Extinguishing trace fear engages the retrosplenial cortex rather than the amygdala

Janine L. Kwapis, Timothy J. Jarome, Jonathan L. Lee, Marieke R. Gilmartin, Fred J. Helmstetter

Research output: Contribution to journalArticlepeer-review

43 Scopus citations


Extinction learning underlies the treatment for a variety of anxiety disorders. Most of what is known about the neurobiology of extinction is based on standard "delay" fear conditioning, in which awareness is not required for learning. Little is known about how complex, explicit associations extinguish, however. "Trace" conditioning is considered to be a rodent model of explicit fear because it relies on both the cortex and hippocampus and requires explicit contingency awareness in humans. Here, we explore the neural circuit supporting trace fear extinction in order to better understand how complex memories extinguish. We first show that the amygdala is selectively involved in delay fear extinction; blocking intra-amygdala glutamate receptors disrupted delay, but not trace extinction. Further, ERK phosphorylation was increased in the amygdala after delay, but not trace extinction. We then identify the retrosplenial cortex (RSC) as a key structure supporting trace extinction. ERK phosphorylation was selectively increased in the RSC following trace extinction and blocking intra-RSC NMDA receptors impaired trace, but not delay extinction. These findings indicate that delay and trace extinction require different neural circuits; delay extinction requires plasticity in the amygdala whereas trace extinction requires the RSC. Anxiety disorders linked to explicit memory may therefore depend on cortical processes that have not been traditionally targeted by extinction studies based on delay fear.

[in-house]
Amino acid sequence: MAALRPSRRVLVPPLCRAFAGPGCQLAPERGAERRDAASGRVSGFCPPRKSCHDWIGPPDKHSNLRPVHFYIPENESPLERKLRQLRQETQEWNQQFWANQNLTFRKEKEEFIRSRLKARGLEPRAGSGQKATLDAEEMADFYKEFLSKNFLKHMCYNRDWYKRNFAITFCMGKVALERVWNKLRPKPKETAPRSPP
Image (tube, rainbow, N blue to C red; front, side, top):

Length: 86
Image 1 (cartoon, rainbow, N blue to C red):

Original languageEnglish (US)
Pages (from-to)41-54
Number of pages14
JournalNeurobiology of Learning and Memory
StatePublished - Sep 2014

All Science Journal Classification (ASJC) codes

  • Experimental and Cognitive Psychology
  • Cognitive Neuroscience
  • Behavioral Neuroscience


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